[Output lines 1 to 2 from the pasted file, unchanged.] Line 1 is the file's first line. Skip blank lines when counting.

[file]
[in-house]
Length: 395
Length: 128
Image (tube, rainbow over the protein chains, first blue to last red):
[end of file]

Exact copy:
[in-house]
Length: 395